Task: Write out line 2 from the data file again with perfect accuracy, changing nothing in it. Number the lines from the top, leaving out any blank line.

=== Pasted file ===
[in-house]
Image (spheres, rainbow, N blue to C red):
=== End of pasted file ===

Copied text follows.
Image (spheres, rainbow, N blue to C red):